Image provided by: University of Nebraska-Lincoln Libraries, Lincoln, NE
About Omaha daily bee. (Omaha [Neb.]) 187?-1922 | View Entire Issue (March 28, 1902)
The Omaha Dally Bee.
ESTABLISHED JUNE 19, 1871.
OMAHA, FRIDAY MORNING, MARCH 28, 1002 TEN PAGES.
SINGLE COPY FIVE CENTS.
SIX POSTS FOR CUBA
Consular and Diplomatio Agencies Named
in President's Special Message.
PROVIDES REPRESENTATION IN ISLAND
Outline of Hew Obligations to Form Part of
TREATY RIGHTS SPECIFICALLY DEFINED
Independence Must Not Be Impaired by
RIGHT OF UNITED STATES TO INu'"'.
gpeclal Obligations Are Impound I po.
the Jirn Republic for Maintaining
Good anltarr Condition
' Throughout Island.
WASHINGTON. March 27. The presi
dent this afternoon sent to congress the
following message recommending provisions
for diplomatic and consular representation
"To the Congress of the Vnlted States:
I commend to the congress timely consider
ation of measures for maintaining diplo
matic and consular representatives in Cuba
and for carrying out the provisions of the
rt making appropriation for the support
f the army for the fiscal year ending June
SO, 1902, approved March 2, 1901, reading
"Provided further, that In fulfillment of
the declaration contained In the Joint res
olution approved April 20, 1893, entitled
'For the recognition of the Independence
of the people of Cuba, demanding that the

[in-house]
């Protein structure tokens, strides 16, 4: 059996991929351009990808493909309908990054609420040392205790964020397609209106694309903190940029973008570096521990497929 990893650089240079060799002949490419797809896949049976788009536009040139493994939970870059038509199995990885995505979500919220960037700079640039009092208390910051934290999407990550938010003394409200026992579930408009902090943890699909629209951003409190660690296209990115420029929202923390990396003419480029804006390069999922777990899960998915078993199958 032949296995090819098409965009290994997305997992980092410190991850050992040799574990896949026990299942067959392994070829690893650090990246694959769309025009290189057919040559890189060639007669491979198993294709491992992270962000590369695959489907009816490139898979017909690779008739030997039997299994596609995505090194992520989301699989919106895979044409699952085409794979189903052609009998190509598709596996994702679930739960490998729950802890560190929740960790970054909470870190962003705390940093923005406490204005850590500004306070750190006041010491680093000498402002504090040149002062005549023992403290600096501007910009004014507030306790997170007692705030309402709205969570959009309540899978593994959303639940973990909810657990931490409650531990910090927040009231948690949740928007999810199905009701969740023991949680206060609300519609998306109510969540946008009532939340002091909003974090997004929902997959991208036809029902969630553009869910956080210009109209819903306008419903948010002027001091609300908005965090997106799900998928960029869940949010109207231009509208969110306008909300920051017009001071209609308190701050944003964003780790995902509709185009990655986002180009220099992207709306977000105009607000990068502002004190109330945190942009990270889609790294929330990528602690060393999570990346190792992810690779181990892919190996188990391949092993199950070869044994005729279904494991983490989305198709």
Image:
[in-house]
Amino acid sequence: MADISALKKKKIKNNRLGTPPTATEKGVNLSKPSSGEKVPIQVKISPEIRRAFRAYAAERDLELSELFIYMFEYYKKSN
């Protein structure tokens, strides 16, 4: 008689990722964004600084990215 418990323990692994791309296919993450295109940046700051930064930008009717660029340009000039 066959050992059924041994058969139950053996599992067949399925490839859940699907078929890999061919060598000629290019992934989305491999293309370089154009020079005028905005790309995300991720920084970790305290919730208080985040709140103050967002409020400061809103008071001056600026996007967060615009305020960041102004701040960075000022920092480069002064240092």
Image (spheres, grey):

government of Spain relinquish its author
ity and government In the Island of Cuba
and to withdraw Its land and naval forces
from Cuba and Cuban waters and directing
the president of the Vnlted States to use
the land and naval forces of the United
States to carry these resolutions Into ef
fect,' the president la hereby authorized
to 'leave the government and control of
the Island of Cuba to Its people,' so soon
as a government shall have been estab
lished In said Island under a constitution
which, either as a part thereof or In an
oMlnaace appended thereto, shall define
the future relations of the United States
with Cuba, substantially as follows:
To Preserve Indeiendence.
"I That the government of Cuba ahall
never enter Into any treaty or other com
pact with any foreign power or powers
which will impair or tend to Impair the
Independence of Cuba, aor In any manner
authorize or permit any foreign power or
powers to Obtain by colonization or for mil
itary or naval purposes or otherwise lodg
ment In or control over any portion of said
"II That said government shall not as
aume or contract any publio debt, to pay
the Interest upon which and to make rea
sonsble tinting fun provision for the ulti
mate discbarge of which the ordinary rev